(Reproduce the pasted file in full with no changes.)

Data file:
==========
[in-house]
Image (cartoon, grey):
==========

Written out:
[in-house]
Image (cartoon, grey):